For those who have actually read Luther, it seems clear that, although he personally thinks the practice of infant communion is wrong, he refuses to condemn it because of its long practice in the East (and in the West before c. 1200). To say it is unwise is one thing. To say it is condemned would be to condemn (that is, say they are un-saved because of false doctrine) many of the great fathers of the church.
True, Infant Communion can not be found in the Lutheran Confessions. Neither can any comments endorsing the historical grammatical method, a six day creation, or the voter’s assembly. Are we then to assume that all of those are forbidden as well? Of course not.
Over at his usally-agreeable blog The Bare Bulb, Pr. Wilken claims that those who advocate for infant communion have, by definition, already left the LCMS for the East, and just haven’t made formal the announcement yet. Sorry, Todd, that’s logical fallacy #32 : The No True Scotsman fallacy. It works like this. No true Scotsman would do X. Angus does X. Angus is no true Scotsman.
What Luther and the confessions go out of their way not to condemn, the LCMS has explicitly rejected as a teaching. That is, Luther says, “For me it is wrong, but I won’t say it simply can not be done in the church.” Generations of Lutherans have followed this advice. But over time, they stopped simply following the advice and made a law : No Lutherans can commune infants. So, if an LCMS pastor were to do this, he would be visited by his district president, and, should he not repent of his actions, he will be shown the door. This was explicitly stated to our pastor’s conference by a former District President, who is now a synodical official. That being the case, it’s pretty clear that no true LCMS Lutheran can advocate for Infant Communion. Why? Because if you do, you can not be an LCMS Lutheran. QED.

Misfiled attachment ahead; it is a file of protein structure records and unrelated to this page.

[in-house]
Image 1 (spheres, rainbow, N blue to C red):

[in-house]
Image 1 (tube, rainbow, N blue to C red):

But it’s not so simple as that. The reason this keeps coming up is because the two sides are really talking past each other. Hopefully that can end, and we can start really dialoguing about this from a biblical and confessional perspective. But so far, the CTCR will only produce talking points: 1 Cor 11:27, The LCMS Doesn’t Do This. End of discussion.
Left unaddressed are things like the nature of Baptism. The Nature of faith. The Nature of salvation. What is means to examine oneself. Whether those in the LCMS who advocate for Infant Communion still hold to a Lutheran understanding of original sin. Until we are willing to discuss the underlying issues, we will not see a consensus emerge on this. And, as I have predicted before, the issue will gain a larger and larger prominence.
Why? Because we are finally rejecting the pietistic and rationalistic practice of admitting to the sacrament at 14. The age is moving lower. How low? Good question. Should we stop where Luther did it, at age 7, or should we continue into Baptism itself? The question will be asked. Infant Communion continues to gaining advocates. But calling some of the leading theologians in our synod Eastern Othrodox a priori because they advocate infant communion is not going to make the problem go away. It will leave us with a diminished theological outlook, and likely return us to the thing that is stifling our theological light in the world : Pietism.
And that would be a shame.
Disclaimer: The author is absolutely NOT advocating infant communion. He likes his LCMS roster status. He is only pointing out the logical fallacy involved in Pr. Wilken’s thinking on the issue. The author absolutely agrees with each and every LCMS doctrinal statement ever. Even the ones that conflict with themselves or others.